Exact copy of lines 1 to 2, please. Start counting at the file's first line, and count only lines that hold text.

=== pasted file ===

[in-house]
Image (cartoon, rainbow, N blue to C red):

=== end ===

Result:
[in-house]
Image (cartoon, rainbow, N blue to C red):